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[council] Brandjacking report from MarkMonitor

  • To: "BC List" <bclist@xxxxxxxxxxxx>, "GNSO Council" <council@xxxxxxxxxxxxxx>
  • Subject: [council] Brandjacking report from MarkMonitor
  • From: "Mike Rodenbaugh" <mxr@xxxxxxxxxxxxx>
  • Date: Fri, 8 Jun 2007 13:34:54 -0700
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  • Thread-topic: Brandjacking report from MarkMonitor

Here is a brief summary from National Arbitration Forum, along with
links to this useful information from MarkMonitor.  This info is
relevant to the debates around Domain Tasting and Protecting the Rights
of Others.


Report Shows Cybersquatting is Increasing Substantially


MarkMonitor <http://markmonitor.com/> , a San Francisco-based company
providing online brand and Internet fraud protection
<http://markmonitor.com/about/> , released its first quarterly
brandjacking report on April 30, 2007. The report
-2007.pdf>  details the increasing amount of cybersquatting - the term
for the registration of a domain name that infringes upon or otherwise
violates the rights of a trademark holder - and other brand use
violations. MarkMonitor and some others in the industry are specifically
referring to this as "brandjacking
BC> ," in which Internet users infringe upon the registered trademarks
of businesses in order to advertise their own products. The concern of
most trademark holders is that these violations potentially lead to
brand dilution of the products and services that they market under their


The report, based on an examination of twenty-five
ssue=20070430>  of the world's strongest brands over a four-week period,
indicates that cybersquatting increased by 248% in 2006
-2007.pdf> . MarkMonitor's study "found more than 286,000 instances of
cybersquatting for the 25 brands it studied
<http://www.newsfactor.com/story.xhtml?story_id=0010003B3T19&page=1> ,"
averaging 11,400 instances per brand. Well-trafficked media websites,
which constituted 31% of the reported instances
BC> , as well as financial services
websites, appear to be the most attractive targets of cybersquatters.


Similar results were found when looking at other types of violations,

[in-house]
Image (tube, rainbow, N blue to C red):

including phishing, tasting (also known as kiting), and pay-per-clicks.
Financial institutions
ageNumber=1&imageid=&cap=&sz=13&WTModLoc=NewsArt-C1-ArticlePage1>  are
significantly impacted by both phishing and kiting; they represent 41%
of all phishing instances
-2007.pdf>  and constitute the majority
-2007.pdf>  of all documented tastings. The report indicated that
pay-per-click sites alone have provided about $125 million in profits to
"cyber crooks."


The increase in domain name disputes handled by alternative dispute
resolution institutions such as WIPO
<http://www.wipo.int/portal/index.html.en>  and the National Arbitration
Forum <http://www.adrforum.com/>  ("FORUM") also support MarkMonitor's
findings. In 2006, the FORUM's domain name dispute caseload increased by
21% <http://domains.adrforum.com/newsroom.aspx?itemID=1176> .


The results of MarkMonitor's report indicate a real concern for
businesses trying to protect their trademarks on the Internet.
Specifically, these cybersquatting, phishing, tasting, and pay-per-click
practices are leading to losses of revenue and advertising costs, and
false association
-2007.pdf>  of brand names and products. As an initial defense, Internet
browsers Firefox and Internet Explorer have attempted to block phishing
attempts by inhibiting Internet users from accessing these sites. While
the global efforts being made by Mozilla and Microsoft are laudable,
businesses are ultimately encouraged to pursue individualized methods of
protection, such as careful domain name monitoring
<http://markmonitor.com/resources/docs/wp-domainmanagement-US.pdf> , or
contacting a specialist IT outsourcer
<http://www.ihotdesk.com/article.asp?ID=18141125>  for further



Mike Rodenbaugh

Sr. Legal Director

Yahoo! Inc.


NOTICE:  This communication is confidential and may be protected by
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